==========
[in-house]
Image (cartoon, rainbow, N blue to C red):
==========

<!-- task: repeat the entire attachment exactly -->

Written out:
[in-house]
Image (cartoon, rainbow, N blue to C red):